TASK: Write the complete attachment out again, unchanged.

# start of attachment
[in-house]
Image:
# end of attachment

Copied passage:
[in-house]
Image: